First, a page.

Actaeodes tomentosus (Mud Crab)

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Actaeodes tomentosus (Mud Crab)

Post  thierry on Mon Mar 14, 2011 11:16 am

Source Reeflex.net

QUICK STATS
  • Care Level: Very Easy
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  • Insert Date: 8 March 2011


This crab was known as Paractea Monodi. It lives on coral reefs in the tidal zone. They often ship with life rock. Most crabs are getting disposed of because of fear that they eat fish or corals. It does seem some crabs can eat fish but most prefer algae.


Last edited by thierry on Tue Apr 05, 2011 3:02 pm; edited 1 time in total
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Got my first crabs

Post  thierry on Mon Mar 14, 2011 11:27 am

Tuesday I picked up two crabs from Sjaantje in trade for couple of Kenya Trees. She had no idea what kind they where.


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Identification in progress

Post  thierry on Mon Mar 14, 2011 4:17 pm

First suggestion was a Actaeodes tomentosus or Paractea monodi (old name?). It does look a bit like the one I have, except for the redish eyes? An article on this crab on reeflex.net.
One that I found is a family of the other crab I got and is called the Xantho poressa. Here is a piece I found about this crab on wikipedia.
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Species comfirmed

Post  thierry on Tue Apr 05, 2011 2:56 pm

We are keeping this one as the Actaeodes tomentosus or Mud Crab. I saw pictures of someone who has such a crab and it looked very much like the one I have.
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Fragtank Mk 2 completed

Post  thierry on Fri May 06, 2011 1:46 pm

Yesterday I completed the fragtank and dedicated half of it to animals like the Mud Crab. So I caught him out of the sump yesterday and placed him in the fragtank. He didn't seem to like it a lot, but hopefully that will change in time.



Here is a movie I made later of him feeding.


Last edited by thierry on Mon May 09, 2011 11:07 am; edited 2 times in total
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New hermits

Post  thierry on Sat May 07, 2011 11:15 am

Bought 4 new hermit crabs yesterday, 3 black ones and a orange one like I bought the day before. One black and the Orange one moved into the Red Sea Max, another black one moved into the frag/crab tank and the last one moved into the sump.

The hermit that moved into the frag/crab tank already had a hard time. The small red hermit I got the day before has no problems with this crab, but the new one got harassed right away. And also with the introduction of the second crab he immidiatly got bullied this morning. I now placed a frozen fish in it that I normally feed to the anemone, hopefully the crabs will take that for dinner instead of my little hermit.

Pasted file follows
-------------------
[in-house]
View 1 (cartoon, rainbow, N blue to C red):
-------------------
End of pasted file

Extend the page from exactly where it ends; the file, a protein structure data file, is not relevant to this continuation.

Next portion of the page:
Here is a movie of the crab with the hermit.
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Crabs of the Xanthidae family

Post  thierry on Fri Jun 10, 2011 12:55 pm

Currently I have two members of the Xanthidae family located in my little crab aquarium, and I have been observing them and finding information about these “unwanted” creatures.

The Xanthidae family is one of the biggest crab families, it is divided in 13 sub families containing over 500 different species. These species are poisonous to eat since their toxins can’t be destroyed by heating/cooking. The Toxins come from bacteria living in symbioses with the crab, both from the Vibrio genus. There is no antidote for these toxins either and they will cause Paralytic Shellfish Poisoning. But on the other hand, they are not venomous, so they have no way to introduce their toxins by stinging or biting. Some species however do have hairs on them that can cause allergic reactions.

They can become anywhere between 5 and 10 centimetres and some of them are beautifully coloured. They move slowly and hide most of the times. Most of them are opportunistic feeders, the ones I have don’t bother much with any other invertebrates around them but do eat frozen shrimp and fish when provided. They once went for a smaller hermit crab but gave up when they noticed it was too much trouble. I do think they would go for fish or invertebrates that are alive but weakened.

In most aquariums species for this family are no threat. They could be a threat when you have animals that could feed on them, since I haven’t found any information on the effects of the toxins on other animals.
According to some websites they are not reef safe, but the only non-reef safe thing I noticed so far is that they enlarge their hiding spaces, making holes in life rock. This will of course weaken the rock making your reef weak with the risk of collapsing.

The two species I’m testing with are the very common Actaeodes tomentosus and the less common, but very nice looking Lophozozymus edwardsi. Both of them behave in the same way as far as I can tell so far and both fit in the description given above. Both live together with 2 smaller hermit crabs, 2 smaller turbo snails, a Babylon sand snail and a horseshoe crab. Only saw them take a swing at one of the hermits when it ran into them. Both are about 4 or 5 centimetres now, so actually rather big.
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Night time video

Post  thierry on Fri Jun 24, 2011 10:25 am

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Another night video

Post  thierry on Mon Jul 04, 2011 3:41 pm

This time I used the light on my phone. Also the moonlight was already off around this time.
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Moving around

Post  thierry on Thu Jul 14, 2011 10:41 am

He managed to get to the frag part of the aquarium, also there he moved underneath a rock on the first plateau and was able to move it across the plateau. I got him out and placed him back. Hopefully he stays there now.

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